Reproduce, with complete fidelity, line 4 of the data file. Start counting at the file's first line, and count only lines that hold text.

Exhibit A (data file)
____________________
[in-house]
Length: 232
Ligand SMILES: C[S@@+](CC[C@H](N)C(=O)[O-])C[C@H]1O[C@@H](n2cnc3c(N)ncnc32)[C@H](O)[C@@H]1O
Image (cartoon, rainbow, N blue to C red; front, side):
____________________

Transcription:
Image (cartoon, rainbow, N blue to C red; front, side):